Learning in London: Museums and Castles
Monday was another day filled with parks, learning, and enjoying the company of old friends at night. I hit up Hyde Park for a nice stroll and some afternoon yoga, eventually ending up getting my knowledge on at the neighboring Science and Natural History Museums.
The Science Museum had some really interactive exhibits and I learned a lot about the human body and 3-D printing. It’s incredible how quickly technology advances, especially when you’ve been away from it for an extended period of time. All types of intricate shapes were made from 3-D printers as well as replacements parts for the human body, like teeth and prosthetic arms, and even a fully functioning bicycle. These printers seem to be the way of the future as they waste less material and cut down on immense transportation costs. Anybody with a printer and the right schematics can create something that used to be available only in certain parts of the world. However, it does take a lot of time and effort to print a single object, it will be interesting to watch how the technology continues to advance.
The exhibit dedicated to the human body was particularly interesting. One program takes a picture of your face and alters it to show what you might look like if born of the opposite sex. It doesn´t take facial hair into account though and I made one hideous looking shemale. There was also scientific research to back up what many modern yogis believe, that stress is linked to illness. In fact, throughout the animal kingdom, females who do not have offspring live much longer on average. Every 7 years or so, all of the cells in our body will change. Telomeres, or the ends of our chromosomes, shorten each time that they are replaced. Many preliminary studies link this to aging, and the more stress that occurs in the body, the more these telomeres shrink when they are replicated. Anxiety has been linked to shortening these telomeres, which in turn accelerate the effects of aging. Once the telomeres become too short to protect the chromosomes, degenerative diseases associated with old age start to take effect. Many other parts of the exhibit were illuminating as well, the human body is an incredibly complex ecosystem that we have just begun to scratch the surface of understanding.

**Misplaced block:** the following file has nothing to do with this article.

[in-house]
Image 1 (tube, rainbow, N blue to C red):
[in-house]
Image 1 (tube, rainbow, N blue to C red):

Speaking of scratching the surface brings to mind searching for fossils, and walking through the entrance of the Natural History Museum itself is an experience. The fossilized remains of a huge dinosaur take up the main lobby, complemented by vaulted ceilings and ancient architecture opening up into endless hallways. I learned all about the catastrophic power of earthquakes and volcanoes. In fact, in 1815 the super volcano Mount Tambora erupted in Indonesia. The eruption is believed to have lowered the temperature of the entire earth by around 0.7 degrees celcius. The cloud of ash was so powerful that it blocked the sunlight all the way in North America, creating a year without a summer and ruining the harvest, leading to widespread famine. The year 1816 has been referred to as the Year Without a Summer, the Poverty Year, and Eighteen Hundred and Froze to Death. In mid June it was so cold in Quebec City that they received over a foot of snowfall, in the middle of Summer! No matter how much we try to control nature, we are still ultimately at her mercy.
Speaking of the power of nature, the most impressive part of the museum is a huge room containing the skeleton of a blue whale and many of the other large mammals on earth. The skeleton is so big that it wouldn’t even fit in the frame of my camera, I would need a super wide angle lens to capture it all. They also had the largest set of elephant tusks ever recorded on display, over 3m long! I certainly wouldn’t want to piss off either of those monstrous beasts.
Later that night, I met up with my friends Ali and Claire from Agonda at the London Eye. One of Claire’s mates happens to be the duty manager for the area and scored us some free tickets on what is possibly the world’s most famous ferris wheel. Outside the windows of our private car was a 360 degree panorama of the city. Across the river stood the beautiful Parliament building and Big Ben, displaying the time to be sunset. All sorts of famous buildings dotted the landscape, from MI6 headquarters to Wembley Stadium. We grabbed a couple of margies and mojitos to go with our Mexican food at Wahaca and the time slipped away until we were the only ones left in the restaurant.
The last major train ride of my London experience was a day trip with Kate to the city of Windsor. Home to the queen and the humongous Windsor Castle, the small city has a quaint feel to it. From miles around you can see the castle towers standing guard. We did not actually enter the castle, it costs around 20 pounds to enter, but enjoyed the impressive view from outside nonetheless. After a stroll around the city we hit up a local park to stretch our legs out and enjoy the grass between our toes. A little over an hour train ride later and we were back at the Liverpool station, ready to hit up the bar for a tall pint of Guinness. Dark beer, you glorious tasty bastard!
Borough Market, you gloriously tasty collection of scrumptious morsels! With my flight not leaving until 4:30, we had just enough time to grab a meal at the famous Borough Market. Free samples of all varieties of cheeses, pate, paella, and all types of other foods are handed out. I grabbed a green curry seafood paella and finished it off with some local organic strawberry ice cream. A sweet way to end a sweet week in London.